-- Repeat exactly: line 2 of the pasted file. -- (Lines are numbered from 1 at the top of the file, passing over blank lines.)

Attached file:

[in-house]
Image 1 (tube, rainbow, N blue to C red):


Image 1 (tube, rainbow, N blue to C red):